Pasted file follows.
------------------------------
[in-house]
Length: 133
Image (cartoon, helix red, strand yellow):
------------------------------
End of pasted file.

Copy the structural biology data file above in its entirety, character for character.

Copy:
[in-house]
Length: 133
Image (cartoon, helix red, strand yellow):